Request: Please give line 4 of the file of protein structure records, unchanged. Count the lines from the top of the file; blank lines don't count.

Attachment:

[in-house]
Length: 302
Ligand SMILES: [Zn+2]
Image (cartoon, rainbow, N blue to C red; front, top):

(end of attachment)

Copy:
Image (cartoon, rainbow, N blue to C red; front, top):